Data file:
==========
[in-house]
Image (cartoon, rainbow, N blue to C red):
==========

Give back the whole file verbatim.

[in-house]
Image (cartoon, rainbow, N blue to C red):